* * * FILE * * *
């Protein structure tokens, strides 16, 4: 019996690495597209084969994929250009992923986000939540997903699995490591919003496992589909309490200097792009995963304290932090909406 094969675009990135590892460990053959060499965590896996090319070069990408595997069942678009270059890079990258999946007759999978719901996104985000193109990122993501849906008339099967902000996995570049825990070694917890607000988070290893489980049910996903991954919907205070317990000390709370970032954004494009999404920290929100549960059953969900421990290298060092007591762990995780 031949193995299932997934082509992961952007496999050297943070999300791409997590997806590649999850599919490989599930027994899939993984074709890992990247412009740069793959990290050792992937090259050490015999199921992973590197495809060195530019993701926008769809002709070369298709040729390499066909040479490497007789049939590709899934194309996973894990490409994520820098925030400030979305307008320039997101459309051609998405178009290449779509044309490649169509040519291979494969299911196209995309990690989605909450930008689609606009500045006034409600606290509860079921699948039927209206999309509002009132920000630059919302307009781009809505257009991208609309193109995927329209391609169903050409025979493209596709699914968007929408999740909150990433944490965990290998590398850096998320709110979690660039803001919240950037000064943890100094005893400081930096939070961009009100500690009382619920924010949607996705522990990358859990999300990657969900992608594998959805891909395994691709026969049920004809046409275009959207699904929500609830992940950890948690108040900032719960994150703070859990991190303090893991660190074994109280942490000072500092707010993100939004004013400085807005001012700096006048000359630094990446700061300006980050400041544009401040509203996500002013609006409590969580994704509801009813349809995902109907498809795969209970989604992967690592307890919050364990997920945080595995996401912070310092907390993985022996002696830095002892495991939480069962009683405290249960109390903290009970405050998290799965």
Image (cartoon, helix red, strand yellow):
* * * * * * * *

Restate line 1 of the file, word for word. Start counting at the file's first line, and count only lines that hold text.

């Protein structure tokens, strides 16, 4: 019996690495597209084969994929250009992923986000939540997903699995490591919003496992589909309490200097792009995963304290932090909406 094969675009990135590892460990053959060499965590896996090319070069990408595997069942678009270059890079990258999946007759999978719901996104985000193109990122993501849906008339099967902000996995570049825990070694917890607000988070290893489980049910996903991954919907205070317990000390709370970032954004494009999404920290929100549960059953969900421990290298060092007591762990995780 031949193995299932997934082509992961952007496999050297943070999300791409997590997806590649999850599919490989599930027994899939993984074709890992990247412009740069793959990290050792992937090259050490015999199921992973590197495809060195530019993701926008769809002709070369298709040729390499066909040479490497007789049939590709899934194309996973894990490409994520820098925030400030979305307008320039997101459309051609998405178009290449779509044309490649169509040519291979494969299911196209995309990690989605909450930008689609606009500045006034409600606290509860079921699948039927209206999309509002009132920000630059919302307009781009809505257009991208609309193109995927329209391609169903050409025979493209596709699914968007929408999740909150990433944490965990290998590398850096998320709110979690660039803001919240950037000064943890100094005893400081930096939070961009009100500690009382619920924010949607996705522990990358859990999300990657969900992608594998959805891909395994691709026969049920004809046409275009959207699904929500609830992940950890948690108040900032719960994150703070859990991190303090893991660190074994109280942490000072500092707010993100939004004013400085807005001012700096006048000359630094990446700061300006980050400041544009401040509203996500002013609006409590969580994704509801009813349809995902109907498809795969209970989604992967690592307890919050364990997920945080595995996401912070310092907390993985022996002696830095002892495991939480069962009683405290249960109390903290009970405050998290799965």